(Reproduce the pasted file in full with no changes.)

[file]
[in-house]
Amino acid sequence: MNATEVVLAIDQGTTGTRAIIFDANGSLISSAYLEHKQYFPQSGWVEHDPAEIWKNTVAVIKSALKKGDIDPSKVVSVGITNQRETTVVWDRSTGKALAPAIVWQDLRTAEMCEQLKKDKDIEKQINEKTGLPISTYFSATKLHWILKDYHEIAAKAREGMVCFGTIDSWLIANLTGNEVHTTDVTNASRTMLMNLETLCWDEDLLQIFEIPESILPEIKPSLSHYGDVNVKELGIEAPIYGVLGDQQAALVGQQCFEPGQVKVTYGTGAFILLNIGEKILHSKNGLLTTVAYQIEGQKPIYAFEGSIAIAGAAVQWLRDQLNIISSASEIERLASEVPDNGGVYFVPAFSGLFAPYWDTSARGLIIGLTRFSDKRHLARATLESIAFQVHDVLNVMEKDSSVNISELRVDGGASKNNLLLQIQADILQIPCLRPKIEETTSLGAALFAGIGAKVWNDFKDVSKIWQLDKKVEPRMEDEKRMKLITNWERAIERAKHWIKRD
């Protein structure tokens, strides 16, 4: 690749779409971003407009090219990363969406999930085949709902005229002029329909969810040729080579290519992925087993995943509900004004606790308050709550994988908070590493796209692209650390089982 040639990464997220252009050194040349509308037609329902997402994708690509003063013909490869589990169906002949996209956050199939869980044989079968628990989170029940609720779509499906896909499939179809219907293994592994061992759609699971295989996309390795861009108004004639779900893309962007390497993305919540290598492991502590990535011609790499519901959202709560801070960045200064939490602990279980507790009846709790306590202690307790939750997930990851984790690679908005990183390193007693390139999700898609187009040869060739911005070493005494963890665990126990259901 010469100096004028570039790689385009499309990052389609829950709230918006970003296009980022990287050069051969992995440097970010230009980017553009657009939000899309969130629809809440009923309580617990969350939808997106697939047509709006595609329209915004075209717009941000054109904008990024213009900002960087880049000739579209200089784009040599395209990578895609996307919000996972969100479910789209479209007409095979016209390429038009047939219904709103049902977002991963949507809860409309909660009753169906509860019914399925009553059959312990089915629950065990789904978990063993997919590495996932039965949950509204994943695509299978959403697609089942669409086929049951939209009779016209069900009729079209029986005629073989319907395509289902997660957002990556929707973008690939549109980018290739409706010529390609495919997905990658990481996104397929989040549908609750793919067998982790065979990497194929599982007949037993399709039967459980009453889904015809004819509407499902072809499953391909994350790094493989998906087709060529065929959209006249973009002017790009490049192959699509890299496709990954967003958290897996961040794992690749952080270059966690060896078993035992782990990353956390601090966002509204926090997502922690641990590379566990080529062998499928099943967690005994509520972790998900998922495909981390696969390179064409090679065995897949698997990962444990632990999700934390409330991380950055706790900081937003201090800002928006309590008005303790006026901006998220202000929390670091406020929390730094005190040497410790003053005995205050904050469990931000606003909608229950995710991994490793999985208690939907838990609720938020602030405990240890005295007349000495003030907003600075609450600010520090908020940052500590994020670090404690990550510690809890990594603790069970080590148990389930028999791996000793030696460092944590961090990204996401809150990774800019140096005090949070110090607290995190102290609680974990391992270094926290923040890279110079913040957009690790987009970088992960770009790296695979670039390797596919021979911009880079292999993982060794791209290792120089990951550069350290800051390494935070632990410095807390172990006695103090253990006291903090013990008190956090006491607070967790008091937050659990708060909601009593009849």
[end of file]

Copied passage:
[in-house]
Amino acid sequence: MNATEVVLAIDQGTTGTRAIIFDANGSLISSAYLEHKQYFPQSGWVEHDPAEIWKNTVAVIKSALKKGDIDPSKVVSVGITNQRETTVVWDRSTGKALAPAIVWQDLRTAEMCEQLKKDKDIEKQINEKTGLPISTYFSATKLHWILKDYHEIAAKAREGMVCFGTIDSWLIANLTGNEVHTTDVTNASRTMLMNLETLCWDEDLLQIFEIPESILPEIKPSLSHYGDVNVKELGIEAPIYGVLGDQQAALVGQQCFEPGQVKVTYGTGAFILLNIGEKILHSKNGLLTTVAYQIEGQKPIYAFEGSIAIAGAAVQWLRDQLNIISSASEIERLASEVPDNGGVYFVPAFSGLFAPYWDTSARGLIIGLTRFSDKRHLARATLESIAFQVHDVLNVMEKDSSVNISELRVDGGASKNNLLLQIQADILQIPCLRPKIEETTSLGAALFAGIGAKVWNDFKDVSKIWQLDKKVEPRMEDEKRMKLITNWERAIERAKHWIKRD
């Protein structure tokens, strides 16, 4: 690749779409971003407009090219990363969406999930085949709902005229002029329909969810040729080579290519992925087993995943509900004004606790308050709550994988908070590493796209692209650390089982 040639990464997220252009050194040349509308037609329902997402994708690509003063013909490869589990169906002949996209956050199939869980044989079968628990989170029940609720779509499906896909499939179809219907293994592994061992759609699971295989996309390795861009108004004639779900893309962007390497993305919540290598492991502590990535011609790499519901959202709560801070960045200064939490602990279980507790009846709790306590202690307790939750997930990851984790690679908005990183390193007693390139999700898609187009040869060739911005070493005494963890665990126990259901 010469100096004028570039790689385009499309990052389609829950709230918006970003296009980022990287050069051969992995440097970010230009980017553009657009939000899309969130629809809440009923309580617990969350939808997106697939047509709006595609329209915004075209717009941000054109904008990024213009900002960087880049000739579209200089784009040599395209990578895609996307919000996972969100479910789209479209007409095979016209390429038009047939219904709103049902977002991963949507809860409309909660009753169906509860019914399925009553059959312990089915629950065990789904978990063993997919590495996932039965949950509204994943695509299978959403697609089942669409086929049951939209009779016209069900009729079209029986005629073989319907395509289902997660957002990556929707973008690939549109980018290739409706010529390609495919997905990658990481996104397929989040549908609750793919067998982790065979990497194929599982007949037993399709039967459980009453889904015809004819509407499902072809499953391909994350790094493989998906087709060529065929959209006249973009002017790009490049192959699509890299496709990954967003958290897996961040794992690749952080270059966690060896078993035992782990990353956390601090966002509204926090997502922690641990590379566990080529062998499928099943967690005994509520972790998900998922495909981390696969390179064409090679065995897949698997990962444990632990999700934390409330991380950055706790900081937003201090800002928006309590008005303790006026901006998220202000929390670091406020929390730094005190040497410790003053005995205050904050469990931000606003909608229950995710991994490793999985208690939907838990609720938020602030405990240890005295007349000495003030907003600075609450600010520090908020940052500590994020670090404690990550510690809890990594603790069970080590148990389930028999791996000793030696460092944590961090990204996401809150990774800019140096005090949070110090607290995190102290609680974990391992270094926290923040890279110079913040957009690790987009970088992960770009790296695979670039390797596919021979911009880079292999993982060794791209290792120089990951550069350290800051390494935070632990410095807390172990006695103090253990006291903090013990008190956090006491607070967790008091937050659990708060909601009593009849």